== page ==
It Happened One Wedding Page 28

Careful, warned the pragmatic voice in her head. That’s starting to sound a bit like jealousy.

Sidney stood up from the armchair. “I’m going to grab a glass of water. Anyone else need anything?”

“Actually, Sidney, if you don’t mind, grab a couple bottled waters from the refrigerator and bring them out to the boys,” Kathleen said. “And find out how much longer they plan to be.”

Thinking that some air would do her good, Sidney nodded. “Sure, no problem.” She grabbed three bottled waters from the fridge, then headed out to the backyard and followed a row of colorful flowers to the white painted shed. She could see Simon working on a section of the roof close to the ladder, so she called his name and held up the bottled water. “Your mom wants to know when you guys are wrapping up.”

He climbed down the ladder and took one of the bottled waters. “I think we’ll probably call it a day. It’ll be dark soon, anyway.” He shouted up to Vaughn, who poked his head around the peaked part of the roof. “I’m heading in.”

Vaughn nodded and went back to his hammering.

Not about to stand around all night waiting for him, Sidney set his bottled water on the grass next to the ladder. She turned to follow Simon, but then hesitated.

Perhaps she could use just a teeny tiny break before heading back inside to the most adorably-in-love couple this side of Chicago.

She noticed a path to the left of the shed. Seeing that it led into the woods adjacent to the Robertses’ house, she decided to check it out. Closer to the trees, the path split in two. Mindful of the approaching darkness, she ignored the path that led deeper into the woods and chose the other one, which took her to a small clearing. She slowed her stride as she neared the top, struck by the picturesque view. The Robertses’ property was at the top of a hill, and from the clearing she could see down into the valley. The deep blue of the sky was streaked with brilliant hues of red, burnt orange, and yellow as the sun began its descent behind the hills.

Seeing that she still had time while it was light outside, she took a seat in the grass. She tucked her knees and rested her chin on her forearms, soaking in both the view and these few brief moments when she was blissfully free of all wedding talk.

Eleven

DON’T EVEN THINK about following her.

Vaughn repeated this mantra in his head as he pounded away with the hammer. When he finished the row of shingles he’d been working on, he decided to call it quits for the evening. He and Simon had more work to do tomorrow, but they were making good progress—over half the roof was done.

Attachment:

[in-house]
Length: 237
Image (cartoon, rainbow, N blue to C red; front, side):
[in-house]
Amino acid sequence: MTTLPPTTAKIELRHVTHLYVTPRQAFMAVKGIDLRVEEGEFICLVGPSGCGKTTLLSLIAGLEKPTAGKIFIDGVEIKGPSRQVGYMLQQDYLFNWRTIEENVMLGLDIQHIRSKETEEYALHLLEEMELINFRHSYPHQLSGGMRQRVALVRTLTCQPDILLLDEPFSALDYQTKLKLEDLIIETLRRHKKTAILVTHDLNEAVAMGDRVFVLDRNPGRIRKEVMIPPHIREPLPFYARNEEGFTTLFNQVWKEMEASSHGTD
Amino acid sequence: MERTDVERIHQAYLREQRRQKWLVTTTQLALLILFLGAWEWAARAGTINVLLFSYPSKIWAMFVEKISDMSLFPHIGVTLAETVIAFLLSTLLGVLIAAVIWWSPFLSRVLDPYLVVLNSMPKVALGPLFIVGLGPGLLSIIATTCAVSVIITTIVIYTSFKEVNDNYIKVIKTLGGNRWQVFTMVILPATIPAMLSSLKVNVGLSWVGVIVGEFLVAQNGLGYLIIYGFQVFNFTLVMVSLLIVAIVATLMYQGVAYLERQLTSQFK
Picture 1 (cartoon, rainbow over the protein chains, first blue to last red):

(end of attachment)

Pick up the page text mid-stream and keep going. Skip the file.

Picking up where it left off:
He wiped his brow with his arm, then climbed down the ladder and cracked open the bottled water Sidney had left him.

She had a new look tonight, he’d noticed. Hair down, jeans that molded to her every curve, and some summery top that hugged tight to her chest and draped loose around her waist. He could practically feel his fingers tracing along her soft skin, trailing a slow path over the curve of her waist and up to the tantalizing swell of her br**sts.

Christ.

Taking a frustrated swig of water, Vaughn swallowed and looked over at the path that led to the clearing. She’d been gone only a few minutes now, and he knew she couldn’t go far. Although . . . there was always the possibility that she could stumble into some poison ivy. Or an angry badger. Or she could slip in those strappy designer sandals and tumble headfirst down the hill and into an entire nest of angry badgers.

Probably, he should check on her. Just to be safe.

That decided, he followed the path through the short stretch of woods that he knew like the back of his hand, and spotted her sitting near the edge of the clearing. She looked over her shoulder, eying him warily as he approached.

He stopped beside her. “So. How many things are on this list of yours?”

She watched as he helped himself to a seat in the grass next to her. “Thirty-four.”

“Thirty-four? You can’t be serious.” Vaughn doubted any man could pass such a test.

Perhaps that was the point.

She sat up straighter, going on the defensive. “A few things are redundant, maybe, but overall it seems like a pretty solid list to me.”

Well, now he was curious. He beckoned with his hand. “All right, lay it on me. Let’s hear this list of so-called signs that say whether a man is ready for a commitment.”

She cocked her head, feigning confusion. “And remind me—why is it that I care what you think?”

He raised an eyebrow challengingly. “Afraid I’ll tell you the list is complete BS?”

She held his gaze defiantly, and then began ticking off her fingers. “He can’t be hung up on a prior relationship. Must be available on weekends. Settled in his career. On stable emotional footing with his parents. Have friends who are in committed relationships.” She paused, as if trying to remember the other things on her list.

Vaughn frowned. “I hope you’ve got more than that. Because you just described me.”

Her eyes widened, her expression akin to abject horror.

Then after a moment’s pause, she smiled. “Ah. But you fail the number one rule, the most important one of all: he tells you he’s not looking for a serious relationship.”

Vaughn exhaled. Thank god for the number one rule. Stupid test or not, he didn’t need to be giving off any signs of “commitment-readiness.” That was fine for other guys, but he enjoyed his life the way it was, thank you very much.

Sidney sighed in relief. “Whew. That freaked me out for a moment there.” She gestured at him. “I can’t be having any of your type sneaking in undetected.”

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